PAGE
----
U.S. Pat. No. 5,615,694 to Battard et al discloses a method for aromatizing the smoke of smoking articles by applying to its wrapper a solution of aromatizing substance which is transferred to the smoking article in vapor phase in the confined atmosphere of the packing of the smoking article. U.S. Pat. No. 2,007,632 to Blank et al discloses the use of flavor impregnated sticks to impart flavor to cigarettes which are dispersed within a package containing the cigarettes.
Cigars have been consumed much longer than cigarettes. In fact, it wasn't until the late 1700's that Cuban cigar makers made “little cigars”, i.e. “cigarettes” using paper wrappers derived from cotton. Just recently however, as cigarette smoking has been decreasing in popularity and acceptance due to health risks, cigar smoking has been gaining in popularity with both men and women. Although the methods described by Battard et al and Blank et al may be used for treating finished tobacco products, they are directed primarily towards cigarette preparation, and therefore alternate methods for smoking article preparation particularly addressing the desires of cigar smokers is in need.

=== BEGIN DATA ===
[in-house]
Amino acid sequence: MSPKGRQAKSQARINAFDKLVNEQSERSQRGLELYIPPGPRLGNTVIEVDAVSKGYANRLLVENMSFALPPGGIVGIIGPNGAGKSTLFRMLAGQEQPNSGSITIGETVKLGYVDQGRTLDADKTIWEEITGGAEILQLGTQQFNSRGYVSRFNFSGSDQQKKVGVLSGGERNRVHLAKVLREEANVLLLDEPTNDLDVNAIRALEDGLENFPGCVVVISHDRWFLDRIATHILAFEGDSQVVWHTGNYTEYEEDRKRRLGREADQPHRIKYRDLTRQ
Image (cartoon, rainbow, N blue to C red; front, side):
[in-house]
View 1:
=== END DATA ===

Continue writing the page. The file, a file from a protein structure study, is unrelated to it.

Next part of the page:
A novel cigar is provided in which a means for improving the draw of the cigar is incorporated in the cigar during the manufacturing process. As disclosed, an elongated cigar puller device is incorporated within the tobacco during the manufacture of the cigar and can be pulled from the cigar so as to disrupt a portion of the tobacco fill and improve the draw of the cigar during smoking. To further enjoy the smoking experience, a cigar puller is incorporated into the cigar during the manufacturing process and can be used to infuse flavorants and/or aromatics into the cigar prior to being pulled from the cigar. The cigar infusers allow for the individual user to provide flavoring or aromas to the cigar which are pleasing to individual taste.
Prior to a detailed discussion of the figures, a general discussion of the features and advantages of the invention will be presented. As discussed above, cigar smokers often are inconvenienced by the inability of a cigar to draw. This is often caused by a blockage inside the cigar by a large fragment of fill tobacco, or by the cigar being too tightly packed. Many cigars are discarded for this reason. Unfortunately, since cigars can be relatively expensive, this results in a waste of the smoker's money, or a loss of profit to the manufacturer if the cigars are returned.
A portion of some of these non-drawing cigars can be salvaged. This is accomplished by progressively cutting off portions of the cigar until a segment is reached that adequately draws. Depending on the location of the fill fragment that is preventing the cigar from drawing, this may result in only a small portion of the cigar being usable. In the case of tightly wound cigars, cutting off segments of the cigar may have no effect.